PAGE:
Keep the project as a package.  The original MOU keeps the inland and coastal portions together - the Board separated them in October.  There should be no development at Naples until the Coastal Commission makes its final decision.

Give a complete and accurate description of the project.  The Board does not even know what they approved, as shown by the Coastal Commission letter and the need to bring this back to the Board of Supervisors.  The public is in the dark.  There needs to be a complete Project Description provided and adequate time for people to review and make comments.  The revisions only complicate things further, and don't provide the information or level of detail the Coastal Commission requested.

Specifically, the proposed revisions:

  • were released to the public less than two days before written comments were due
  • are full of errors that make the project even more difficult to understand
  • don't describe the water treatment facilities and other infrastructure serving the coastal development
  • don't explain how development on the coastal Dos Pueblos Ranch lots fits into the ‘staged' development scheme
  • still don't disclose grading quantities for the inland lots, which accounts for 94% of the total grading
  • still include coastal permits that are too general and lump all infrastructure together
  • don't include coastal permits for mergers and existing unpermitted roads as required
  • undermine all project conditions by giving the MOU priority over the conditions
  • weaken a key condition protecting water quality on the Dos Pueblos Ranch coastal lots
  • undercut conditions that made sure the inland development wouldn't be stranded without infrastructure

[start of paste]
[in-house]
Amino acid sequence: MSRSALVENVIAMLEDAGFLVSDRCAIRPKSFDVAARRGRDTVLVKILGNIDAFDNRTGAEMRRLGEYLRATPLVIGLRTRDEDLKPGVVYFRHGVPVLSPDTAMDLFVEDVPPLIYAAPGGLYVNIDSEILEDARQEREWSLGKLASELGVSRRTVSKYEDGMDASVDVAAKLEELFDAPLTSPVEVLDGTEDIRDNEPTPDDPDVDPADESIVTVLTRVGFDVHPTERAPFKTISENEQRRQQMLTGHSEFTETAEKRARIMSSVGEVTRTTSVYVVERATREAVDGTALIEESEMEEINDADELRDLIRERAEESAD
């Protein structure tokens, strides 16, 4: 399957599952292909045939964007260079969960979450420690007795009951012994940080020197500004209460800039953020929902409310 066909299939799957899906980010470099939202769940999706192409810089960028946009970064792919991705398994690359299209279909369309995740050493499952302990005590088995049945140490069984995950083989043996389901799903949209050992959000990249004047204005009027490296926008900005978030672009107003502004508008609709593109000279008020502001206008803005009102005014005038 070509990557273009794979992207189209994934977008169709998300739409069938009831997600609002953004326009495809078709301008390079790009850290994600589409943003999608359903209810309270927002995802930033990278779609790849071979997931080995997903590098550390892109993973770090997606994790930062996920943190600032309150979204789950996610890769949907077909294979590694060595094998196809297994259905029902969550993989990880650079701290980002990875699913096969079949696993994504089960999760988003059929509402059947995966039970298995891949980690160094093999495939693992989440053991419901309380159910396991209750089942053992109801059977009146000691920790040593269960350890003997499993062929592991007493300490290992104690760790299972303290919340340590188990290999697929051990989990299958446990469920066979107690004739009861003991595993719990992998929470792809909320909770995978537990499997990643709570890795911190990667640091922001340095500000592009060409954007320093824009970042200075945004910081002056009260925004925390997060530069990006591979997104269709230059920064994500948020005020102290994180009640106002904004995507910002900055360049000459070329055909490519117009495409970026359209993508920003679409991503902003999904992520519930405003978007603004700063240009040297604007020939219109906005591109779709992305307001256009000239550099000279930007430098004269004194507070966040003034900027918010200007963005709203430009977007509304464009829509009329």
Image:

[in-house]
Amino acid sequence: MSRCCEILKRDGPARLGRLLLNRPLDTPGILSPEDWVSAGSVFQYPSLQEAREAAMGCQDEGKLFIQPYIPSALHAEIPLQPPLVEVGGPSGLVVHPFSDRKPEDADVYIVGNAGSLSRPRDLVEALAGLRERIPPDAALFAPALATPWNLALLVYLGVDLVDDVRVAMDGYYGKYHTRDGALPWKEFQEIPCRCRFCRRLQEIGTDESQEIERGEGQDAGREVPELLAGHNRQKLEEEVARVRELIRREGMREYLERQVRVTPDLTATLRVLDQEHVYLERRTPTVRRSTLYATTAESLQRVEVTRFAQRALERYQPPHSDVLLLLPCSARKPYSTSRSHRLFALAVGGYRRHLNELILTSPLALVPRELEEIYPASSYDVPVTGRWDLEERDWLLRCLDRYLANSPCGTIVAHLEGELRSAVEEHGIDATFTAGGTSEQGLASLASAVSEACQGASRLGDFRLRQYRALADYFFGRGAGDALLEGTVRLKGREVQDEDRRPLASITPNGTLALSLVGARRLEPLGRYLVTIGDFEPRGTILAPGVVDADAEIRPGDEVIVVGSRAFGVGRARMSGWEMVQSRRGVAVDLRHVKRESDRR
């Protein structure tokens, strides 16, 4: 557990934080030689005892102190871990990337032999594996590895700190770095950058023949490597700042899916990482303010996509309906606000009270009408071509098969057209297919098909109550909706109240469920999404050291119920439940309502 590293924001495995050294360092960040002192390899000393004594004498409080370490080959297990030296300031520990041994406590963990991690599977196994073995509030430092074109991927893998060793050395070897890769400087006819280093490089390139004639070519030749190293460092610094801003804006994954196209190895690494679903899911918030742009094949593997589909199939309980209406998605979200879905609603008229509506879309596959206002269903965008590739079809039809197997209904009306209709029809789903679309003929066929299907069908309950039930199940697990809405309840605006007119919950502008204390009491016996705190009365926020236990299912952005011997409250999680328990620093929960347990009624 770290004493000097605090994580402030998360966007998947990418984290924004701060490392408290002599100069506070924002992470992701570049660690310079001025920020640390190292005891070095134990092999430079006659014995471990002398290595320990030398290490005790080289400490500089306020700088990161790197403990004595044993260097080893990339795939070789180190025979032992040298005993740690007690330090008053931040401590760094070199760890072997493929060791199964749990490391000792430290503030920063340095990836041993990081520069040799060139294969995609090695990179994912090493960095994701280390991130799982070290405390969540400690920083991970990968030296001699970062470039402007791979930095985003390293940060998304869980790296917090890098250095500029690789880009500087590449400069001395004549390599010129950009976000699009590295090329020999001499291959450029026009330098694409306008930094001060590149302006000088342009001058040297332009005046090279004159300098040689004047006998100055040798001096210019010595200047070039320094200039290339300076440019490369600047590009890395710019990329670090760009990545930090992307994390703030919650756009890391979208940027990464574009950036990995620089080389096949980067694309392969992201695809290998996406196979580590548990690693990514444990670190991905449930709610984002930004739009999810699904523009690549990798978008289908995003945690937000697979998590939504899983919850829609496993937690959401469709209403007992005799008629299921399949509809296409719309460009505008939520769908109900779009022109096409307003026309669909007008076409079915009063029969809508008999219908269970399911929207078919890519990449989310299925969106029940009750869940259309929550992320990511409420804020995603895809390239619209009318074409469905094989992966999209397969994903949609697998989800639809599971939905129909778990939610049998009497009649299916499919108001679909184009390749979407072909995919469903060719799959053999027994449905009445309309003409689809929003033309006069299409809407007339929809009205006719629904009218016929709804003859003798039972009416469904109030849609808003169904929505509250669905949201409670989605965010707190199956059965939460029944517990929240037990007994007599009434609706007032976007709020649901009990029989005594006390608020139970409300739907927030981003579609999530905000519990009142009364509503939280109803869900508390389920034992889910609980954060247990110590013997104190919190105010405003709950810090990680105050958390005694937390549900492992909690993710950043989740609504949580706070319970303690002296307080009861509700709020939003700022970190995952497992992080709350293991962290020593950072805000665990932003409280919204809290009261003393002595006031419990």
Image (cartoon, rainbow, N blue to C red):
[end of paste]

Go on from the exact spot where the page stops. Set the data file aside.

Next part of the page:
• allow appealable permits and the local coastal plan amendment to go together to the Coastal Commission, when the Commission must review the amendment first

For more information, review the letter submitted on 12/5 to the Supervisors from the Naples Coalition, Surfrider Foundation and EDC by clicking here.

 

Thusday November 20, 2008

Lawsuit Filed!!

Today the Naples Coalition, Surfrider Foundaiton and EDC filed a lawsuit in Santa Barbara County Superior Court challenging the county's approval of the Naples project.  A copy of the petition can be downloaded here.   The lawsuit raises numerous challenges to the project and its approval, including claims under CEQA, the General Plan, the Coastal Act and the Williamson Act.   For more informaiton, review the Press page link.

Tuesday, October 21, 2008

Download the Naples ad that ran after the Supervisor's decision here.

As expected, by a three to two vote, the Board of Supervisors today gave away a huge piece of the Gaviota Coast to an Orange County developer. The Board approved 71 mansions sprawled across nearly a thousand acres of highly valuable agricultural lands. The Board also adopted revised project conditions and development agreements that operate to tie the hands of future Boards of Supervisors and constrain the Coastal Commission's ability to fully review the project. Supervisors Carbajal and Wolf voted against the approval of the project.